Phenology is the study of recurring natural phenomena. The seasonal "greening-up" and "greening-down" of dominant vegetation can be used as a predictor for a variety of processes and variables at local to global scales. The use of satellites to monitor land surface phenology is important for understanding local and regional ecosystem variability, identifying change over time, and potentially predicting ecosystem response to short and long-term changes in climate. However, the relationship between how phenology is expressed on the ground and how it is interpreted from satellites is poorly understood because phenological stages do not always correspond well to changes in spectral reflectance. In this study, we explored the relationship between greenness as measured by digital camera, the human eye, and ASTER imagery in two perennial grasslands at the Sevilleta National Wildlife Refuge in central New Mexico.
Visual observations: While facing south, a "niner" (i.e., a 30 cm x 30 cm frame partioned into nine squares, each equal to an area of 1% of 1m2) was placed with one corner at a pinflag to the north and the other at a pinflag to the south. Four substrates were measured: bare Soil (S), brown vegetation (B), green vegetation (G), and green forbs (F).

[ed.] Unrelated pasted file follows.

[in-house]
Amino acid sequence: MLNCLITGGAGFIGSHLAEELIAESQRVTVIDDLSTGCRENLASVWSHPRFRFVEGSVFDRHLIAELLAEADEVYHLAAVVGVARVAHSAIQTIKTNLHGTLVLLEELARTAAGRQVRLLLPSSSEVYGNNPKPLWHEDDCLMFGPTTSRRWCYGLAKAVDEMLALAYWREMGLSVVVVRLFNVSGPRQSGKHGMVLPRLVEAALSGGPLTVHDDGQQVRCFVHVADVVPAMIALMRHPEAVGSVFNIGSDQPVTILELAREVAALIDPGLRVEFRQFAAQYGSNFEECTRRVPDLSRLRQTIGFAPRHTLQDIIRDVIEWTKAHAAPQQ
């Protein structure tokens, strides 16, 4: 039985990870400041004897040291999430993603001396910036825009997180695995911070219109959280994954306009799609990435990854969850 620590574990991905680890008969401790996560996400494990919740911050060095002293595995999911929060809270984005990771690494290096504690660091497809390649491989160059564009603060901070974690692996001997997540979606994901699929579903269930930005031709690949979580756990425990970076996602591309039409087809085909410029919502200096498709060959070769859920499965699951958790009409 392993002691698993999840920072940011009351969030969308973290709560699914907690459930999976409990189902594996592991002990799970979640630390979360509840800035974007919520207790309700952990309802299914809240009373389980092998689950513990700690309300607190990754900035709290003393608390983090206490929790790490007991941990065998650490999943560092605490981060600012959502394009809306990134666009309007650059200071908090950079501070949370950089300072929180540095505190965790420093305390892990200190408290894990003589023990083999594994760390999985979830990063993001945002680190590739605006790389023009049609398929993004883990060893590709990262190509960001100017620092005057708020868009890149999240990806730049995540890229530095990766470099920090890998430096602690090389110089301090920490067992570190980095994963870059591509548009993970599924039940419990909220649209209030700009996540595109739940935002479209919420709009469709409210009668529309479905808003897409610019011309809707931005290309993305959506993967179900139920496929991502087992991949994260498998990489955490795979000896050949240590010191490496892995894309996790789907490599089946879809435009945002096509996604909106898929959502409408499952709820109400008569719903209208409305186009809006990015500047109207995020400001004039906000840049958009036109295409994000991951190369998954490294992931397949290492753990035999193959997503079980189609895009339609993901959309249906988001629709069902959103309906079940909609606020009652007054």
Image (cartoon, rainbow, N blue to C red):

The total cover of substrates at a sampling location equalled 9% (i.e., the entire niner). If the substrate had < 0.25% cover, T (i.e., trace) was recorded. If the cover of a substrate was > 0.25% it was rounded up to 1. If a substrate did not exist at a location, a zero was recorded
Time of day: The date/time stamp on a digital camera was used so that date/time was recorded on each photo.
Plot layout: Two sites were chosen to represent semi-arid grasslands. Site B was dominated by blue grama and site G by black grama. At each site six plots were established. Each plot was comprised of twelve quadrats that measured 50 X 50 cm for digital photographs and 30 X 30 cm for visual observations in a 3 X 4 grid.
Digital images: A 50 X 50 cm pvc frame was used to delineate area. Laminated markers placed next to the frame denoted the plot and quadrat number. A camera was held directly over a quadrat to get the entire PVC frame in the picture. Every effort was made to minimize shadow.
All data was checked for errors. Both years were combined and put online. 6/25/09, KRW.
Data Collection Period:
5/3/2007, 7/2/2007, 7/16/2007, 7/31/2007, 8/17/2007, 9/4/2007, 9/18/2007, 10/4/2007, 4/14/2008, 5/30/2008, 8/4/2008, 8/19/2008, 9/5/2008, 9/22/2008, and 10/6/2008.
See all Sevilleta Publications